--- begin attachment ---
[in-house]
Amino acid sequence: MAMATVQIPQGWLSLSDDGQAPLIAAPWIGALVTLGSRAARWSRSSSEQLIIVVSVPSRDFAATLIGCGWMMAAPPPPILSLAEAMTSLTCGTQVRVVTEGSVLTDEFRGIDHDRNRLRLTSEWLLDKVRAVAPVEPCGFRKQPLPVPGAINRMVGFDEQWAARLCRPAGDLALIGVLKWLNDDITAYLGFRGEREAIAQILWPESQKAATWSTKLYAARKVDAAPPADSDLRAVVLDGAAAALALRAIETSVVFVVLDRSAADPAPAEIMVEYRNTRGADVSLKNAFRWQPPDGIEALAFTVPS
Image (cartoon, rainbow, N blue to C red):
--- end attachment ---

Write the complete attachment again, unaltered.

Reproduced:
[in-house]
Amino acid sequence: MAMATVQIPQGWLSLSDDGQAPLIAAPWIGALVTLGSRAARWSRSSSEQLIIVVSVPSRDFAATLIGCGWMMAAPPPPILSLAEAMTSLTCGTQVRVVTEGSVLTDEFRGIDHDRNRLRLTSEWLLDKVRAVAPVEPCGFRKQPLPVPGAINRMVGFDEQWAARLCRPAGDLALIGVLKWLNDDITAYLGFRGEREAIAQILWPESQKAATWSTKLYAARKVDAAPPADSDLRAVVLDGAAAALALRAIETSVVFVVLDRSAADPAPAEIMVEYRNTRGADVSLKNAFRWQPPDGIEALAFTVPS
Image (cartoon, rainbow, N blue to C red):